By sampling the white and middle gray squares of the focus chart, we get a clearer look of the color shift with each lens.
The corresponding vectorscopes also demonstrate the color shifts:
Now everyone knows that shooting focus charts isn’t the best way to test a lens and make any lens look bad when put under the microscrope. So how do the lenses render skin tones and human facial features?
Compared to the Canon, the Leica seems to exhibit lower contrast and evens out the skin tones within the areas around and underneath my eyes and my nose. Both are sharp, but it looks like there’s slightly less detail in the hair with the Leica, while the Canon seems to hold finer skin detail. I personally like the way that the Leica renders my skintone and has a more “even” look to it.
The Cooke is exceptionally sharp, as expected for the price. There’s definitely something more to the Cooke that stands apart from all the other lenses; it has a dimensionality that is hard to put my finger on. It really looks like my face is popping out of the image. There’s a glow to the skin and it really looks like it changes the proportions of my head to a flattering level (it’s also very awkward to objectively analyze my own face and facial structure). Perhaps it’s in the way that it handles contrast compounded with it’s sharpness and minimal barrel distortion? Or it’s in the way that it seems to compress my head into a less distorted space? The perspective of the Cooke is something that is very new to me, and I’m still trying to figure it out.
Surprising to me, the Schneider Xenars and Zeiss CP.2s are very similar. Both have a reddish magenta hue to them and are very sharp. The Schneiders seem to do something similar to the Cookes in the way that it compresses my face in a more pleasing way, but not quite to the extent of the Cooke. It looks as though the Cooke and Schneider seem to narrow my head around the forehead, pulling the head in, rather than stretching it out like the Canon, Leica, and Zeiss (or perhaps it’s correcting it?). I’m really not sure, if anyone has any insight I would love to hear what you think.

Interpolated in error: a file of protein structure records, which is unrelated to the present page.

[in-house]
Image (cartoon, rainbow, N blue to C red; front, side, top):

One more set of images, which holds the most surprising results! I don’t think you’ll even be ready to see this.
The Cooke performs the worst by far when comparing corner and edge sharpness. It even goes to the extent of completely distorting the focus circle on the very top left portion of the focus chart. There’s also very clear soft fall off on the edges of the frame compared to any of the other lenses. I found it very hard to believe seeing how a single Cooke S4 costs $20,000 and gets outperformed in a category by a $500 lens. The Leica performs poorly as well when compared to the Canon, Zeiss, and Schneider, which I was somewhat expecting given the age of these lenses. There’s also pretty clear chromatic abberation with the Canon (which isn’t only visible in the corners). The CP.2 also fell victim to this when rack focusing various parts of the focus chart which isn’t evident in the still photos.
And there you have it, a fairly unscientific visual comparison between these 5 lenses. I guess what’s left to say is… are the Leica’s worth it? I personally think so, and I’m definitely in the market to look for a few more Leica Rs to complete my set. Overall, I was pretty happy with the performance of these lenses. The Leicas might not be as sharp, but there’s a color flatness and degree of low contrast that I really like. I find it feels “cinematic” and “filmic” in the way that it smooths and blends skin tone and color. There are still a few more things for me to cover but I want to save that for future posts. This was my very first blog post, and I hope to write more and add videos for the next one.
Special thanks to Brainbox Cameras in Marina Del Rey, CA for letting me use their equipment to conduct these tests.
Please let me know how you enjoyed it and if you found it helpful, I would love to hear your feedback.
Thanks for reading,